History and Architecture


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The village of Oxton was originally part of the Parish of Woodchurch. However, as the village grew in size in the mid-nineteenth century, the villagers began to abandon the difficult walk to their parish church and instead worshipped in an old barn nearby. Then, in 1851, the villagers pulled down the barn and built a small ‘chapel-of-ease’ on the same site, dedicating the new chapel to St Saviour.

In 1857, the local landowner, the Earl of Shrewsbury, and the Vicar of Woodchurch, the Revd Joshua King, took the necessary legal steps to allow Oxton to become its own ecclesiastical parish, separate from Woodchurch. (The Earl conveyed the land on which our chapel-of-ease stood to the Vicar, and he in turn endowed the chapel with a tithe.) The Privy Council was then able to create a new parish for Oxton, and St Saviour’s Chapel became our first Parish Church.

In time, the congregation outgrew their modest building, and it too was pulled down to make way for the much larger and very fine parish church building which we have today. Catherine King – a descendent of the Revd Joshua King – laid the foundation stone in 1889, and building work on the main structure was completed in just two years. The first service in the new building was held in 1891, and the tower was completed the following year.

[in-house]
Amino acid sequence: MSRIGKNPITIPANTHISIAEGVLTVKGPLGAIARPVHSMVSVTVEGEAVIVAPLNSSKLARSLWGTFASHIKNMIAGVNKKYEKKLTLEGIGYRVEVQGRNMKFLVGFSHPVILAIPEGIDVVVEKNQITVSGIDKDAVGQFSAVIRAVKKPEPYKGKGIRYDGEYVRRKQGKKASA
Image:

Our Parish Church contains a number of fine furnishings and architectural features. If you’re interested in reading more about these, click on the links below.

 

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An oil painting of the first St Saviour’s Church, Oxton